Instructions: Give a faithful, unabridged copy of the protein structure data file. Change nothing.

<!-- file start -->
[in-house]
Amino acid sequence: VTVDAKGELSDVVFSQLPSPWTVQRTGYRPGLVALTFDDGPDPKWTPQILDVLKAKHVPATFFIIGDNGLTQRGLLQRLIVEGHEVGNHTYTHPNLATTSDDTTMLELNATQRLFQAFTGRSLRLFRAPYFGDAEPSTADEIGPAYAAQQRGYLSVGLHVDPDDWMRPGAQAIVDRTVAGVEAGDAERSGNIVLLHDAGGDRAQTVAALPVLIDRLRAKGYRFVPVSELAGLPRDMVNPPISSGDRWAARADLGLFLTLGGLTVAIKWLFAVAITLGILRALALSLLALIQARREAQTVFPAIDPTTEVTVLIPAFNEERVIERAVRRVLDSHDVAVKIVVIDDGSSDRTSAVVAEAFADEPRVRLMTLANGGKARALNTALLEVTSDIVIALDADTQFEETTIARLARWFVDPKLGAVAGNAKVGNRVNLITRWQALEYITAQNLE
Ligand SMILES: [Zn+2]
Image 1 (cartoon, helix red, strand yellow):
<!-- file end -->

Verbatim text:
[in-house]
Amino acid sequence: VTVDAKGELSDVVFSQLPSPWTVQRTGYRPGLVALTFDDGPDPKWTPQILDVLKAKHVPATFFIIGDNGLTQRGLLQRLIVEGHEVGNHTYTHPNLATTSDDTTMLELNATQRLFQAFTGRSLRLFRAPYFGDAEPSTADEIGPAYAAQQRGYLSVGLHVDPDDWMRPGAQAIVDRTVAGVEAGDAERSGNIVLLHDAGGDRAQTVAALPVLIDRLRAKGYRFVPVSELAGLPRDMVNPPISSGDRWAARADLGLFLTLGGLTVAIKWLFAVAITLGILRALALSLLALIQARREAQTVFPAIDPTTEVTVLIPAFNEERVIERAVRRVLDSHDVAVKIVVIDDGSSDRTSAVVAEAFADEPRVRLMTLANGGKARALNTALLEVTSDIVIALDADTQFEETTIARLARWFVDPKLGAVAGNAKVGNRVNLITRWQALEYITAQNLE
Ligand SMILES: [Zn+2]
Image 1 (cartoon, helix red, strand yellow):